Lockdown lite: Feels like the third time

The biggest difference between this and the previous two lockdowns is that the schools are open which creates an atmosphere of normalcy.

Police officers enforcing third lockdown on inter-city roads  (photo credit: AVSHALOM SASSONI/ MAARIV)
Police officers enforcing third lockdown on inter-city roads
Blink and you might miss the fact that Israel is more than a day into its third lockdown. And that isn’t because Israelis are ignoring the regulations this time around: It’s because there are fewer regulations and more people can live their lives normally – or almost normally.
The biggest difference between this and the previous two lockdowns is that schools are open, which creates an atmosphere of normalcy. All parents and their school-age children are automatically freed from the prohibition against venturing more than 1,000 meters from home and there is more traffic on the roads than in the two previous lockdowns.
While it stands to reason that there would be more traffic than last time, the actual volume of that traffic is surprising. According to data from the Pelephone Company, between 6 a.m. and 10 a.m. Monday, there was an average decrease of only 18% in the use of the popular Waze traffic app compared to the same hours last week.
By comparison, in the initial days of the first closure in March, there was a decrease of 50%-60% – and in the second closure in September there was a decrease of 30%-40% in the use of the app in the morning.
Partly due to a car accident on Road 4, there were real traffic jams at rush hour this morning. While the lockdown regulations say that offices that don’t receive the public must operate at only 50% capacity, between parents driving their children to school and employees heading to work, it looked pretty much like any other day in most places. During evening rush hour, traffic was only down about 30%, according to reports.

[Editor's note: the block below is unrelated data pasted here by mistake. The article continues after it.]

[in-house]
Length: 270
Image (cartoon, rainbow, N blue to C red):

Police spokespeople promised enforcement on the roads, but said that it would be principally in the evening to check that people were actually returning from work and not going out to attend gatherings or visit friends.
Some streets were full during the day as well, even though stores were closed. Dizengoff Square in Tel Aviv, for example, was full of people sitting by the fountain and enjoying the sunny day, only some of whom were wearing masks. Police said that by Monday evening, they had given out about 2,000 tickets for not wearing masks, which is about what they have been giving out on most days recently.
The lack of strict regulations rankled at least one Health Ministry official: Dr. Sharon Alroy-Preis, director of public health. She lashed out at Prof. Hagai Levine, an epidemiologist, at a meeting of the Constitution, Law and Justice Committee on Sunday.
As Levine spoke about the fact that he was not sure a third lockdown was necessary, Alroy-Preis said, “We’re using the word ‘lockdown’ – even though this is not a lockdown if people are going to work and people are going to school, so there isn’t a lockdown.
“There are restrictions that may and may not be strict enough to lower infections in a meaningful way,” she said. “All the other comments are comments by people who can sit as advisers and say them – but the responsibility, in the end, won’t be theirs.”
While her words were measured, Alroy-Preis was clearly extremely angry as she raised her voice to the doctor, with whom she has sparred over policy at past meetings. She has often pushed for stricter regulations, while he has argued that if the hospital system is not near the breaking point – as it is not now – there is no purpose to lockdowns.
Judging from the first day of the third lockdown, with large numbers of Israelis going about their normal routine, many are pleased with the rules allowing workplaces and schools to operate. Whether the coronavirus numbers will prove Alroy-Preis right – that these rules may not be strict enough to lower the rate of infection – will only be seen in another few weeks.